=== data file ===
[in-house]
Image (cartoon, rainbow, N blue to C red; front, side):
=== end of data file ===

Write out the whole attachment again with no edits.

[in-house]
Image (cartoon, rainbow, N blue to C red; front, side):